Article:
I have spent the last few months processing this temptation to integrate student blogging into my instructional practice. I have some medium-rare ideas. And some Iron Chef colleagues who do a nice job of focusing my thoughts and cooking medium-rare ideas. Like this very evening in a conversation with two such colleagues:
— Curmudgeon (@MathCurmudgeon) August 21, 2014
Like… bingo. That’s it.
So, here’s are my goals. Here’s what I’d like to accomplish:
A. I want to give the students a meaningful way to explore math topics, or think mathematically when they aren’t in my classroom. I don’t trust traditional homework problems to achieve this goal. I think there is value in understanding that in class we spend an hour exploring thoughts and ideas that have real value during that hour and the other 23 hours of the day. I’d like to create SOME mechanism that enforces that.
B. I want to give the students a chance to develop their own voice when talking, writing, and reasoning mathematically. Too often, I use gimmicky phrases, memorized lingo, and rigid vocabulary to guide student language. There are wonderful reasons for this. But, I want them to develop their own voice, too. I’d like to see them develop their own ability to verbalize a mathematical idea and…
C. I want to open the students’ ideas up to each other and to the greater math and educational community. I feel like this will offer a level of authenticity that simply having the students submit their work to me wouldn’t. Also, I want them to be able to think about the mathematical statements of another student and respond. I want to break away from this idea that the students produce work simply for my review. A mathematical statement isn’t good and valuable simply because I say so.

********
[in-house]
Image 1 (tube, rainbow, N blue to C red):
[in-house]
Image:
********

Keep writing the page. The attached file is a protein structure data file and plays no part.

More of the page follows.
I think blogging can do that. I am sure other things can do that. Perhaps other things that are easier. Or less risky. Or have undergone better battle-testing. Or…
And as for the second question. The evidence would be a gradual improvement in the math discourse in class. More people talking, and talking better. Explorations becoming richer. Questions becoming an increasingly regular occurrence. Students trusting each other, and themselves, and not looking at me as the lone mathematical authority in the room. We would begin to talk and explore together, and sense-making would become a bigger and bigger part of what we do.
I told you. Medium-rare ideas.
I’m hoping that some more of my Iron Chef colleagues will take my ideas, season them, finish cooking them, and help me turn them into an action plan.